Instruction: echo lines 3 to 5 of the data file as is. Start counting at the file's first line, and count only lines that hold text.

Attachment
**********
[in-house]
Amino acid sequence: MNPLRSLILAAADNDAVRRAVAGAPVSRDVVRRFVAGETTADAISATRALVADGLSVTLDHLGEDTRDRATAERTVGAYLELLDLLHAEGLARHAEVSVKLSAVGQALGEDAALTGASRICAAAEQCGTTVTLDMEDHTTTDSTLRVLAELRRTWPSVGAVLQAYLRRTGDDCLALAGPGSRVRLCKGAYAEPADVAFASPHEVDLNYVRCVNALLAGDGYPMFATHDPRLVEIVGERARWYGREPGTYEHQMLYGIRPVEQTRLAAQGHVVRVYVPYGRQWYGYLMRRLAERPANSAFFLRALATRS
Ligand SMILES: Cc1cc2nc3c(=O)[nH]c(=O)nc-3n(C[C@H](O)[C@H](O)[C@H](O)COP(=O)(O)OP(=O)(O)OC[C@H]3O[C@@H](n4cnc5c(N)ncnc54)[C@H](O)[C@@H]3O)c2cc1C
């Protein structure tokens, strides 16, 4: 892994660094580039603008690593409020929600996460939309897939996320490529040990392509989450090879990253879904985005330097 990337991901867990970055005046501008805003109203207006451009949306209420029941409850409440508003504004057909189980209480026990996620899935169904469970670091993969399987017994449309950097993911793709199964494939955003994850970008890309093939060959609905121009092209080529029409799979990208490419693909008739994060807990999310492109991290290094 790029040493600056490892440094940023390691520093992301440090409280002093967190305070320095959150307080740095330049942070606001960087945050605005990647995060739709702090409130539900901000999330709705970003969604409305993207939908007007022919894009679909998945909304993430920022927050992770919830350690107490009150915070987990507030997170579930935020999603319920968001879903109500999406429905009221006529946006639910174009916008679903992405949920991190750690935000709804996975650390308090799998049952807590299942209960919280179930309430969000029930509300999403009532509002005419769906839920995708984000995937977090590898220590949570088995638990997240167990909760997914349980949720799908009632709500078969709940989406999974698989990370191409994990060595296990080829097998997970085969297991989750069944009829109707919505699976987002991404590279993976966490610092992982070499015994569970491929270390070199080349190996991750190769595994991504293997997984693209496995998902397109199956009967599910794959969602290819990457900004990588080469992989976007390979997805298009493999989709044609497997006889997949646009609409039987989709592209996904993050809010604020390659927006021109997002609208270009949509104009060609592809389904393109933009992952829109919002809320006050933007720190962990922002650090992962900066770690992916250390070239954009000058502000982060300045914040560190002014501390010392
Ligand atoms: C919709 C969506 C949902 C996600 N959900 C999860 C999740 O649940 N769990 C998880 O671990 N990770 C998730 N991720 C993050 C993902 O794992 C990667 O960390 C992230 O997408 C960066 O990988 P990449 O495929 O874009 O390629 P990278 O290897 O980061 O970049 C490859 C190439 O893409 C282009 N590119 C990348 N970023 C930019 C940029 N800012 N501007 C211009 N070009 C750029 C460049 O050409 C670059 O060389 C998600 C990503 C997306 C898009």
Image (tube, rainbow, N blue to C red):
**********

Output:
Ligand SMILES: Cc1cc2nc3c(=O)[nH]c(=O)nc-3n(C[C@H](O)[C@H](O)[C@H](O)COP(=O)(O)OP(=O)(O)OC[C@H]3O[C@@H](n4cnc5c(N)ncnc54)[C@H](O)[C@@H]3O)c2cc1C
């Protein structure tokens, strides 16, 4: 892994660094580039603008690593409020929600996460939309897939996320490529040990392509989450090879990253879904985005330097 990337991901867990970055005046501008805003109203207006451009949306209420029941409850409440508003504004057909189980209480026990996620899935169904469970670091993969399987017994449309950097993911793709199964494939955003994850970008890309093939060959609905121009092209080529029409799979990208490419693909008739994060807990999310492109991290290094 790029040493600056490892440094940023390691520093992301440090409280002093967190305070320095959150307080740095330049942070606001960087945050605005990647995060739709702090409130539900901000999330709705970003969604409305993207939908007007022919894009679909998945909304993430920022927050992770919830350690107490009150915070987990507030997170579930935020999603319920968001879903109500999406429905009221006529946006639910174009916008679903992405949920991190750690935000709804996975650390308090799998049952807590299942209960919280179930309430969000029930509300999403009532509002005419769906839920995708984000995937977090590898220590949570088995638990997240167990909760997914349980949720799908009632709500078969709940989406999974698989990370191409994990060595296990080829097998997970085969297991989750069944009829109707919505699976987002991404590279993976966490610092992982070499015994569970491929270390070199080349190996991750190769595994991504293997997984693209496995998902397109199956009967599910794959969602290819990457900004990588080469992989976007390979997805298009493999989709044609497997006889997949646009609409039987989709592209996904993050809010604020390659927006021109997002609208270009949509104009060609592809389904393109933009992952829109919002809320006050933007720190962990922002650090992962900066770690992916250390070239954009000058502000982060300045914040560190002014501390010392
Ligand atoms: C919709 C969506 C949902 C996600 N959900 C999860 C999740 O649940 N769990 C998880 O671990 N990770 C998730 N991720 C993050 C993902 O794992 C990667 O960390 C992230 O997408 C960066 O990988 P990449 O495929 O874009 O390629 P990278 O290897 O980061 O970049 C490859 C190439 O893409 C282009 N590119 C990348 N970023 C930019 C940029 N800012 N501007 C211009 N070009 C750029 C460049 O050409 C670059 O060389 C998600 C990503 C997306 C898009």